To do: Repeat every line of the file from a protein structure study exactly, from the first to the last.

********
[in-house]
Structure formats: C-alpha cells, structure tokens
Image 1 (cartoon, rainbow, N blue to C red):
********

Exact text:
[in-house]
Structure formats: C-alpha cells, structure tokens
Image 1 (cartoon, rainbow, N blue to C red):